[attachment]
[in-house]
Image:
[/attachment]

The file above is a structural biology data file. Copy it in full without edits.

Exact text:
[in-house]
Image: